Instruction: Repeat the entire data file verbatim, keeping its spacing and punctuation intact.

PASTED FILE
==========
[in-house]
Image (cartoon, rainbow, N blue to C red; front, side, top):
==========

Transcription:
[in-house]
Image (cartoon, rainbow, N blue to C red; front, side, top):